Body Shop said group like-for-like sales in the 10 weeks to January were 2 per cent down on the same period last year. Sales in the UK and US were 6 per cent and 9 per cent lower respectively. The company said it would make a further announcement next week on the management's plans to "reshape" the company. Analysts believe this could include factory closures in America and significant job losses.
The Christmas trading statement added that although group sales to date are 4 per cent up on last year, the full-year profit outcome will be below market expectations. It blamed a shortfall in Christmas sales in the UK as well as lower wholesale sales to head franchisees as they cut back on stock levels. Analysts have reduced their forecasts from about pounds 32m for the full year to about pounds 25m.
In the UK, Christmas sales were hit by lower sales of seasonal accessories, although Christmas gifts sold well. In the US, Christmas sales were "disappointing" because of an "inadequate" product offering in a highly promotional trading environment. Patrick Gournay, chief executive, said the reorganisation of the US business was continuing, with costs being cut and marketing benefits starting to come through.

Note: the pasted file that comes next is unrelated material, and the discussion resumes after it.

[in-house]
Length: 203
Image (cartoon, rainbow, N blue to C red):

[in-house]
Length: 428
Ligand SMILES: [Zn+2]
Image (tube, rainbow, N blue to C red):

The fresh warning pushed Body Shop shares 4p lower to 85p. They stood at around 150p in 1995 when the founders, Anita and Gordon Roddick, hatched plans to take the company private.
They have since attempted to improve their relations with the City, although this has not been reflected in the share price.
Debenhams shares rose by 10.5p to 350.5p on relief that its figures were not as bad as had been feared. In the 20 weeks to 16 January its sales fell by 2.5 per cent on a same-store basis compared with last year, with analysts saying the fall was respectable given the performance of its rivals.
Debenhams said the clothing market had been "difficult" but that sales of Christmas gifts were up by 30 per cent. Designer merchandise and accessories had also done well.